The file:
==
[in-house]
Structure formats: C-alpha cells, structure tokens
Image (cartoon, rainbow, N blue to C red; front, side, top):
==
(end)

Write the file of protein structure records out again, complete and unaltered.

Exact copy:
[in-house]
Structure formats: C-alpha cells, structure tokens
Image (cartoon, rainbow, N blue to C red; front, side, top):